Mental Health

Maintaining Mental Health

Mental health is a broad term. Its companion term, mental illness, is a catch-bag for a wide range of conditions that can affect your emotional state and also your ability to make judgments and function rationally. Among the conditions considered to be mental illness are depression, schizophrenia, a wide array of phobias, psychotic disorders, bi-polar conditions, and an array of behavioral patterns.

Furthermore, there are emotional and cognitive conditions which exist as secondary elements of physical illness or injury. From the depression that often follows childbirth to the despair associated with Alzheimer’s, there are many things that affect mental health. It should be obvious that with so many potential ways mental health can be put at risk; there are as many ways to restore health.

The Basic Considerations of Mental Health

  • Do any problems have a medical cause?
  • What are some of the wider uses of medical treatments in counseling?
  • Do any problems respond well to pure counseling approach?
  • When would a counselor use an eclectic therapy?

Physical Basis of Mental Health

Many forms of mental illness appear to have their roots in recognized medical conditions. From the dementia and depression associated with diabetes, to the chemical disturbances of bi-polar disorders, these conditions must first be dealt with on a purely medical level, and then on a counseling level. Whether the goal is to control existing illnesses to prevent side effects, as with diabetes, or to treat ongoing issues of brain chemistry, as with bi-polar, the pursuit of mental health in these instances begins with a physical approach. Only after the biochemistry has been dealt with can counseling serve as more than a stop-gap.

It’s important for those who carry the burden of a physically based mental health problem, and for those who are near to them, to realize that mental illness truly has physical causes. No amount of counseling, self-control, or revelation will completely address the issues involved. Medication for these conditions may be a life-long necessity. While the patient may have many things to “work through,” the disease can no more be worked through than an amputee can regain a limb by working through the loss in counseling. Responsibility on the part of the patient involves commitment to treatment and to ongoing counseling to deal with the many complications.

Other Mental Health Issues and Medical Treatment

Other conditions, while less clearly rooted in an ongoing physical problem, nonetheless respond well to a combination of counseling and direct medical treatment. Depression and anxiety attacks have proven to be responsive to medication, while often requiring counseling to achieve control and remission. By recognizing their blended nature, mental health can be supported by using a blended approach, using counseling to manage one aspect of the illness, and medication to manage another.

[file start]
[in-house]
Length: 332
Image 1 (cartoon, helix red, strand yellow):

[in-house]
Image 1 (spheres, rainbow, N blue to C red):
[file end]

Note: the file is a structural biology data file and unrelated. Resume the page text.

Strong Counseling for Mental Health

Still other conditions are classically best treated through a primarily counseling approach. Phobias, while they may be treated in part with medications to reduce anxiety, are often best controlled through skills learned through counseling, and through various forms of behavior modification. Work in families and relationships, work aimed at restructuring lives, grief counseling; all of these respond well to therapies focused on counseling treatments.

Blended Therapies for Mental Health

It should be clear at this point that most conditions affecting mental health involve blended treatments to some degree. Medical and counseling aren’t the only approaches blended to accomplish the most desirable results. In many instances, a patient will experience a wide range of approaches while working to restore mental health. Drawing from different schools of therapy, and using different techniques, exercises, environments, and styles, optimized therapies can be complex. Don’t be surprised to find that the best choices are blended choices making use of many different medical and psychiatric tools.

In almost all instances, a counselor will balance recognition of the physical effects and causes of mental health problems with strong counseling support of many types. Mental illness alters relationships with others, affects family structures and work habits, and places great stress on the individual above and beyond any narrow physical or trauma related disturbances.

To learn the best way to manage whatever conditions threaten your own mental health, make use of the information and services offered here. Whether you want to learn more about how a particular condition is usually treated, what counseling of various types entails, or how to get a referral to a reliable professional.

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